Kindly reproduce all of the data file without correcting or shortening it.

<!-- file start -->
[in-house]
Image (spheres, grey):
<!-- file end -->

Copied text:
[in-house]
Image (spheres, grey):